GOP ex-energy regulator: Rick Perry's bailout for Trump-backing coal CEO gives customers 'less than nothing'
US President Donald Trump told supporters at a campaign-style rally in West Virginia that alleged Russian interference in the 2016 election is a "fake story" that is "demeaning to all of us" (AFP Photo/SAUL LOEB)

Bob Murray, the Trump-backing CEO of coal producer Murray Energy, has a lot riding on Energy Secretary Rick Perry's new plan that would deliver sweeping changes to America's electricity markets.

In fact, the company has even admitted publicly that it will likely face bankruptcy if Perry's plan falls through.

As Politico reports, Perry has crafted a plan to "alter the nation's electricity markets would provide a windfall for a small group of companies," including Murray Energy. Specifically, the plan would force U.S. consumers to subsidize financially ailing coal and nuclear plants on the pretense that keeping them online would act as insurance to help keep power up during a massive terrorist attack or a severe weather event such as a hurricane.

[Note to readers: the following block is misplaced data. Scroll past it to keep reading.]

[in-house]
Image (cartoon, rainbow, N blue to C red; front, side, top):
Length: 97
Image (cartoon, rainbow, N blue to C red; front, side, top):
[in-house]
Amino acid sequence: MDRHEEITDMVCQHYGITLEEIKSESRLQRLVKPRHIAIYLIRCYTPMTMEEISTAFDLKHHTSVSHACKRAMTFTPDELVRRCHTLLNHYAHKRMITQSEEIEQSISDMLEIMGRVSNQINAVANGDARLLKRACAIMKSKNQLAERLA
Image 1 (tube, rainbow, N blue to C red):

However, the plan is being slammed by a wide array of interests -- including environmental groups, the natural gas industry, and even the American Petroleum Institute.

"Customers get less than nothing while a few companies and their investors get a whole lot of something," Nora Mead Brownell, a Republican former electricity regulator, tells Politico. "Money that gets spent there doesn’t get invested in doing what you really need to do, which is upgrading the grid."

The publication also notes that, in Murray Energy's public comments to regulators, it has acknowledged that its continued existence hinges on the Perry plan.

"Murray Energy has a vital and critical interest in the outcome of this rulemaking proceeding," the company explained last month. "Given the current threats to those resources, Murray Energy, along with other coal producers and related industries ... is threatened with bankruptcy and significant economic harm if those resources are forced out of the market by unreasonable and unsupportable market pricing mechanisms.